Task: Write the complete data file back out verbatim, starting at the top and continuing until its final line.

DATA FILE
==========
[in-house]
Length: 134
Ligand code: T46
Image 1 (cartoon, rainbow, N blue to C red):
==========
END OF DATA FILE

[in-house]
Length: 134
Ligand code: T46
Image 1 (cartoon, rainbow, N blue to C red):